Calendar Girls to Cowboys

Calendar Girls to Cowboys: The Art of Selling Coors

Through Sunday, Jan. 3, 2016

logo_clear_bgOnce upon a time, word of mouth was the only way to sell beer. Today’s advertising professionals have many tools at their disposal, some of which will be presented in this newest exhibit, Calendar Girls to Cowboys: The Art of Selling Coors.

Despite an aversion to advertising or a degree in marketing, Adolph Coors, Sr., founder of Golden’s famous brewery, knew how to sell his beer. He worked hard to make the best beer in the world with the belief that the quality of his product would speak for itself. Even though demand exceeded supply, the Coors Brewing Company still put its name out there—on everything from newspaper ads to beer trays, matchbooks, and signs.

Coors released its first illustrated ads in 1893 in the form of calendars that featured, you guessed it, female figures. Some things haven’t changed, and the one displayed is a beauty. You’ll also meet Coors’ first and second ad men, go behind the ubiquitous waterfall campaign, and find the inspiration for the Coors Cowboy Collector’s Series of Western American Art by Gordon Snidow.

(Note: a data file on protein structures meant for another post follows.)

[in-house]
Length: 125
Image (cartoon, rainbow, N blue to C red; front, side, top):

The gallery is designed to evoke a tavern, complete with pool table and a special nod to one of Golden’s favorite watering holes, the Goosetown Tavern (see photo below) which graced the corner of 10th and Vasquez Streets from 1873 until 1998.

While there’s no beer on tap, guests are free to get reacquainted with “America’s Fine Light Beer” and shoot some eight-ball. Don’t miss this opportunity to see 50 rare and classic Coors signs on loan from 10 private and corporate collections—many of which have never been publicly seen.

 

 

 

 

 


This exhibit is made possible with support from

Miller Coors Logo

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